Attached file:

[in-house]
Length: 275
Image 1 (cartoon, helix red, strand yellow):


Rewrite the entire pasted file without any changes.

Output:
[in-house]
Length: 275
Image 1 (cartoon, helix red, strand yellow):